PNR v. Kanlaon (G.R. No. 182967; April 6, 2011)


FACTS: In July 1990, PNR and Kanlaon entered into contracts for the repair of three PNR station buildings and passenger shelters.By November 1990, Kanlaon alleged that it had already completed the three projects.

On 30 June 1994, Kanlaon sent a demand letter to PNR requesting for the release of the retention money. However, PNR denied Kanlaon’s demand because of the Notices of Suspension issued by the Commission on Audit (COA). Thus, forcing Kanlaon to file a complaint for collection of sum of money plus damages against PNR. In its amended complaint, Kanlaon even impleaded the COA.

In its answer, PNR admitted the existence of the three contracts but alleged that Kanlaon did not comply with the conditions of the contract. Moreover, they alleged that Kanlaon did not complete the projects. Thus, they did not have any unpaid balance. In addition to that, PNR added that it had a valid ground to refuse the release of the retention money because of the COA orders suspending the release of payment to Kanlaon.

The TC ruled in favor of Kanlaon and ordered PNR to to pay the retention money and unpaid contract price with 12% legal interest while COA was absolved of any liability for actual or moral damages. Thus, prompting PNR to file a motion for reconsideration. As a result, the TC modified its decision by lowering the legal interest rate from 12% to 6% per annum from the date of the first written demand. The CA affirmed the lower court’s decision and held that the only reason PNR refused to pay Kanlaon was because of COA’s Notices of Suspension and not Kanlaon’s non-completion of the projects.ISSUE: Were the projects completed?

HELD: One of the reasons the COA issued the Notices of Suspension was because the contracts did not contain a Certificate of Availability of Funds as required under Sections 85 and 86 of Presidential Decree No. 1445. The Administrative Code of 1987 expressly prohibits the entering into contracts involving the expenditure of public funds unless two prior requirements are satisfied. First, there must be an appropriation law authorizing the expenditure required in the contract. Second, there must be attached to the contract a certification by the proper accounting official and auditor that funds have been appropriated by law and such funds are available. The existence of appropriation and the attachment of the certification are conditions sine qua non for the execution of government contracts. Thus, failure to comply with any of these two requirements renders the contract void.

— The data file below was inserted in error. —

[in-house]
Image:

The clear purpose of these requirements is to insure that government contracts are never signed unless supported by the corresponding appropriation law and fund availability. In the case at hand, the three contracts between PNR and Kanlaon do not comply with the requirement of a certification of appropriation and fund availability. Even if a certification of appropriation is not applicable to PNR if the funds used are internally generated, still a certificate of fund availability is required. Thus, the three contracts between PNR and Kanlaon are void.

Therefore, the CA erred in affirming the decision of the lower court and its is reversed and set aside.